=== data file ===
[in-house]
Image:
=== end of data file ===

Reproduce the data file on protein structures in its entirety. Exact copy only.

[in-house]
Image: